IN the end, it all became too much for Kaiya McCullough to deal with.

Overwhelmed by the combination of civil unrest and the Covid-19 pandemic, this proud black American succumbed to the intense feelings of anxiety and sadness of her situation.

McCullough is a rookie defender with the Washington Spirit soccer team in the United States. Her solution was not just a change of climate, but of continents.

A mutual decision was made by Spirit and McCullough in her best interests. She is now plying her trade in the second division in Germany.

“I just wanted to put myself in a position to be the absolute best that I could be, and in the environment I was in I just didn’t think that was happening for me,” the 22-year-old told BBC Sport.

“As stressful as its been moving across the Atlantic Ocean, I think that I definitely will get out of it what I came here for, which is just like a mental health break, just getting out of that atmosphere that was really happening in America right now.”

McCullough first started taking a knee during the national anthem when she was in her sophomore (second) year at University of California, Los Angeles, supporting the controversial stance taken by NFL quarterback Colin Kaepernick, who was protesting against racial injustice and police brutality.

McCullough is the daughter of a black father and white mother. But she clearly identifies as a black American and has always been sensitive to race issues of oppression and discrimination.

Indeed, McCullough opined she considered herself to be more “privileged” as a “light-skinned black woman.” Her fears are more for her father and his family, not her mother.

But, after signing for the Spirit earlier this year, she has found her rookie season “overwhelming” in a US that is “very truly deeply divided,” causing her great angst.

“I felt like it was my responsibility, as somebody who was so passionate about the cause already, to sort of uplift and guide the conversation in a direction that was really productive,” she stated.

“I thought that it was almost my duty to take on the responsibility of educating team-mates and trying to inspire change and that can be really overwhelming, especially while trying to get your footing in a league you’ve never played in.

“The courage I have seen across sports, across the world, specifically with black athletes that are carrying this burden, is immeasurable because having lived with that burden it is heavy.

“There were parts when I was asked to compartmentalise what was going on in the world and just focus on my sport, but being a black woman I can’t do that, I can’t take off the colour of my skin, I can’t turn off the feelings of grief that I feel as I mourn with my community.”

It was in 2016 that Kaepernick first started taking a knee during the national anthem. The subject of much derision at the time, Kaepernick has been exonerated by recent upheavals in American society, in particular race relations.

Unrest that led to the emergence of the Black Lives Matter movement. A cause since supported globally by a variety of sports men and women, regardless of colour or race.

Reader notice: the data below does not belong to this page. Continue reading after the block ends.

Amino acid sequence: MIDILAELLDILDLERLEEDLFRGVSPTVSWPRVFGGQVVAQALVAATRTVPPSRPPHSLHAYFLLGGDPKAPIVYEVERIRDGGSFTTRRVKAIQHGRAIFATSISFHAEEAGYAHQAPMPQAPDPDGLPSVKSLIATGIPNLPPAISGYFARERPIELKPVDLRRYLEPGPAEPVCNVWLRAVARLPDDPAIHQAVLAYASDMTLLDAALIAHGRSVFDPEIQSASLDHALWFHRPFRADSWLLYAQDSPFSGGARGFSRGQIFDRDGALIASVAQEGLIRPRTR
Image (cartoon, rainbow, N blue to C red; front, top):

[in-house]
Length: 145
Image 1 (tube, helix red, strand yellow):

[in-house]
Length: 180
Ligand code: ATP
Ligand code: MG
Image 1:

Nevertheless, McCullough has cast doubt on the intention of protesters, suggesting their actions of kneeling could be disingenuous.

Her concerns mirror those of Queens Park Rangers director of football Les Ferdinand, who earlier this month said the impact of taking a knee had been “diluted”.

“On one hand, it’s so amazing these conversations are happening and that’s the reason I started kneeling in the first place, because I thought that it was a great way to spark conversations,” she says.

“But on the other hand I do think that because kneeling has become normalised with the Black Lives Matter movement that it sometimes borders on performative.

“If somebody is kneeling with the intent and conviction of education and inspiring change, if they are doing the work beyond just kneeling, I think it’s a great action.

“But if that’s the only thing you’re doing I think it brings into question your intentions, which I think is kind of a big thing happening in the US right now.”

McCullough decided to leave the US for her mental health.

“I can’t help anybody if I’m not in a good place myself mentally,” she reflected.

Curiously, McCullough feels much more relaxed in Germany, given their much more serious approach to the Covid-19 pandemic compared to the US experience. She believes it will lead to an influx of American players into European leagues.

The US currently has a rate of more than 21,000 confirmed Covid-19 cases per one million of the population, compared with more than 3,300 per million in Germany.

“Being an athlete, having to practise all the time and not getting the opportunity to play definitely took a toll on my mental health and my confidence as a soccer player,” she said.

“There were points that I was questioning whether I even wanted to do it anymore, if I even wanted to play. It was a combination of everything, everything was just compounding, so I just thought it was best to go re-find my love for the sport, re-find my joy.”

McCullough’s predicament is not unique. There is a limit to how much adversity the human psyche can tolerate.

Fortunately, the presence of sport acts as a psychological buffer for athlete and supporter that can offer some immunity to the impact on mental health in these most difficult times.

 

Image via Washington City Paper

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